General Electric installed rotary converters in B&O's powerhouse near Mt. Royal Station, having a combined capacity of 5,000 kW to convert 13,200-volt, 3 phase, 25-cycle AC to 675 volts DC. In 1936, these rotary converters were replaced by mercury arc rectifiers.[8]

Initially power was supplied through a unique system in which a pickup shoe rode in a channel above and to one side of the track. This proved vulnerable to contamination from coal smoke, and after a short time it was replaced by a conventional third rail system. When the Howard Street track was made into a gantlet to allow higher clearances, the pickup contacts on one side were mounted on swinging arms to accommodate the varying distance to the third rail. The electrification was finally discontinued in 1952 when dieselization made it unnecessary.[3]

Latter day operation[edit]

Throughout much of its history until the end of passenger trains in 1958, the line had relatively low passenger traffic, averaging six daily New York–Washington trains each way. Freight traffic was also limited by the scarcity of online industry east of Baltimore and B&O's lack of a connection across the Potomac River at Washington, D. C., to the southern railroads. The massive Pennsylvania main line carried most traffic to the northeast.

By the 1970s, however, both railroads were failing financially. The PRR had been merged into Penn Central in 1968, and two years later the new company declared bankruptcy.[9] The B&O became part of the Chessie System in 1973, which in turn was merged into CSX in 1980.[10]

In 1976 the PRR line became part of the newly formed Amtrak system. The line was subsequently called the Northeast Corridor (NEC), and its role as a freight line became relatively minor. The 1987 accident at Chase, Maryland, involving a Conrail locomotive led to further reductions in freight traffic on the NEC. The Belt Line (now operated by CSX) is therefore a key link in what has now become the principal rail freight line from Baltimore to Philadelphia and beyond. This segment of the CSX network is considered a chokepoint for freight train service from the Port of Baltimore to East Coast and Midwest markets.[11] See Baltimore Terminal Subdivision.

Howard Street Tunnel fire[edit]

On July 18, 2001, a 60-car CSXT freight derailed in the Howard Street Tunnel, sparking a fire that burned for six days and blocked traffic for much longer. The Howard Street Tunnel fire called attention to the Belt Line, both as a risk to the surrounding structures and as a link in rail traffic. CSXT has implemented various improvements to increase the integrity of the link, but is limited by the shallow depth of the bore (only three feet below the surface at the south end) and the instability of the surrounding soil.

Retaining wall collapse[edit]

On April 30, 2014, a block-long portion of a retaining wall in a below-grade stretch of the Belt Line in southern Charles Village collapsed after a heavy rainstorm, sending part of the 26th Street and a number of cars onto the tracks. No one was injured but the tracks were blocked by debris, shutting down railroad operations.[12] On May 2, 2014, freight trains once again began running through the tunnels along this stretch of the Baltimore Belt Line.

See also[edit]

References[edit]

  1. ^ "A ninety-six ton electric locomotive". Scientific American (New York). 10 August 1895.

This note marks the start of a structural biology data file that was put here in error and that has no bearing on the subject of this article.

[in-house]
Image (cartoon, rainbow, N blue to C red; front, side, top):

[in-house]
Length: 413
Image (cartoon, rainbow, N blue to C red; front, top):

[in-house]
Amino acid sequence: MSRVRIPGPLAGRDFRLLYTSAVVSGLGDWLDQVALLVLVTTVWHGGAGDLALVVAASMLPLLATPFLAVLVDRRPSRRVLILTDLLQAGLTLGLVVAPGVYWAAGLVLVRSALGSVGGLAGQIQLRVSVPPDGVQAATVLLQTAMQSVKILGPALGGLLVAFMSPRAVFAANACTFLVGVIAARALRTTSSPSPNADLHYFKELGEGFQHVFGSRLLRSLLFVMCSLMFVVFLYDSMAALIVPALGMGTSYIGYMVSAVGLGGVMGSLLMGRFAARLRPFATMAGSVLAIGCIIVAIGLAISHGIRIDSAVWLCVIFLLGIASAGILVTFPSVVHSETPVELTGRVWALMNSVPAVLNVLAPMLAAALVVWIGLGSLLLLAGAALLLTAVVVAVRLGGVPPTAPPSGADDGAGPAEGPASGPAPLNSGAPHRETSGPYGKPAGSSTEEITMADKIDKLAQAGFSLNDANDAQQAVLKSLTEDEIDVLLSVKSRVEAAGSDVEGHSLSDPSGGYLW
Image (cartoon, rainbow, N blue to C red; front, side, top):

2. ^ a b Herbert W. Harwood, Jr., Impossible Challenge. Baltimore, Md.: 1979. (ISBN 0-934118-17-5)
  3. ^ a b c d Herbert H. Harwood, Jr., Royal Blue Line. Sykesville, Md.: Greenberg Publishing, 1990. (ISBN 0-89778-155-4)
  4. ^ "National Register Information System". National Register of Historic Places. National Park Service. 2010-07-09. 
  5. ^ Harwood, Royal Blue Line, p. 86. In the mid-1980s, the tunnel's original length of 1.4 miles or 7,340 feet (2,237 m) was extended an additional three-tenths of a mile (480 m) further south of its original Camden Station portal when the B&O successor CSX Transportation's mainline track east of the B&O warehouse was covered over for construction of Interstate 395 (ref: Stephen J. Salamon, David P. Oroszi, and David P. Ori, Baltimore and Ohio – Reflections of the Capitol Dome. Silver Spring, Md.: Old Line Graphics, 1993 (ISBN 1-879314-08-8), pp. 26–28).
  6. ^ United States. National Park Service. Washington, DC. National Register of Historic Places. Listed 1973-07-02. No. 73002187.
  7. ^ F.G. Bennick, "B&O was first U.S. railroad to use electric locomotives", Baltimore & Ohio Magazine, April, 1940.
  8. ^ J.H. Davis, "B&O Substation for Main Line, through Baltimore", Baltimore & Ohio Magazine, April, 1940.
  9. ^ Stover, John F. (1997). American Railroads (2 ed.). University of Chicago Press. p. 234. ISBN 978-0-226-77658-3. 
  10. ^ Solomon, Brian (2005). CSX. MBI Railroad Color History Series. St. Paul, MN: MBI Publishing. p. 62. ISBN 978-0-7603-1796-9. 
  11. ^ Halsey III, Ashley (March 28, 2012). "Aging Baltimore tunnel a threat to shipping economy for the city and Maryland". The Washington Post. Retrieved March 29, 2012. 
  12. ^ Hermann, Peter (April 30, 2014). "Street collapses in Baltimore, washing away cars". Washington Post. 
  • "The Howard Street Tunnel- Moving the Freight Through Baltimore", Smith, Jeffrey, The National Railway Bulletin, Volume 66, Number 5, 2001
  • "Baltimore's Unseen Artery: A Brief History of the Baltimore Belt Railroad and Its Howard Street Tunnel", Lee, J. Lawrence, ASCE Civil Engineering Conference and Exposition 2004
  • B&O Power: Steam, Diesel and Electric Power of the Baltimore and Ohio Railroad 1829 - 1964, Sagle, Lawrence W., Alvin F. Staufer, 1964

External links[edit]